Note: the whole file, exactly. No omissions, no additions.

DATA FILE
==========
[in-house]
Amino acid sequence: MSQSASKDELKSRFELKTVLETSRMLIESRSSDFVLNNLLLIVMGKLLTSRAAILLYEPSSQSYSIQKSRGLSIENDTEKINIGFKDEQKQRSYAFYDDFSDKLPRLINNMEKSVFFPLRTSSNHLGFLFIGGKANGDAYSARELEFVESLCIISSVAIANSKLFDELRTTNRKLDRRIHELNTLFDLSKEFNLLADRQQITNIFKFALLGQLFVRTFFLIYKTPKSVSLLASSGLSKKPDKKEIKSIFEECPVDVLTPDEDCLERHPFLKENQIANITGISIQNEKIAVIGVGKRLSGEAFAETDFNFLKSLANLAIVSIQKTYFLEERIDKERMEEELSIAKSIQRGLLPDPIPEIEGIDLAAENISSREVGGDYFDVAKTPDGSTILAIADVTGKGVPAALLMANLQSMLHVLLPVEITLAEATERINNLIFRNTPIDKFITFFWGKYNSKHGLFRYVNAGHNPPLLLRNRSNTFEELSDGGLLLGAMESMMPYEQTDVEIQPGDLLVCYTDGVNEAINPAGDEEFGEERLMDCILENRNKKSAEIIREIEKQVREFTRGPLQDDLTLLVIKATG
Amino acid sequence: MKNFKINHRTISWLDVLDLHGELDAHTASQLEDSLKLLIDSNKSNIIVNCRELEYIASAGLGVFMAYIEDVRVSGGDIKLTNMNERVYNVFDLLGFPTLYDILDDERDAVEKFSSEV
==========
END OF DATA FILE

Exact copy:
[in-house]
Amino acid sequence: MSQSASKDELKSRFELKTVLETSRMLIESRSSDFVLNNLLLIVMGKLLTSRAAILLYEPSSQSYSIQKSRGLSIENDTEKINIGFKDEQKQRSYAFYDDFSDKLPRLINNMEKSVFFPLRTSSNHLGFLFIGGKANGDAYSARELEFVESLCIISSVAIANSKLFDELRTTNRKLDRRIHELNTLFDLSKEFNLLADRQQITNIFKFALLGQLFVRTFFLIYKTPKSVSLLASSGLSKKPDKKEIKSIFEECPVDVLTPDEDCLERHPFLKENQIANITGISIQNEKIAVIGVGKRLSGEAFAETDFNFLKSLANLAIVSIQKTYFLEERIDKERMEEELSIAKSIQRGLLPDPIPEIEGIDLAAENISSREVGGDYFDVAKTPDGSTILAIADVTGKGVPAALLMANLQSMLHVLLPVEITLAEATERINNLIFRNTPIDKFITFFWGKYNSKHGLFRYVNAGHNPPLLLRNRSNTFEELSDGGLLLGAMESMMPYEQTDVEIQPGDLLVCYTDGVNEAINPAGDEEFGEERLMDCILENRNKKSAEIIREIEKQVREFTRGPLQDDLTLLVIKATG
Amino acid sequence: MKNFKINHRTISWLDVLDLHGELDAHTASQLEDSLKLLIDSNKSNIIVNCRELEYIASAGLGVFMAYIEDVRVSGGDIKLTNMNERVYNVFDLLGFPTLYDILDDERDAVEKFSSEV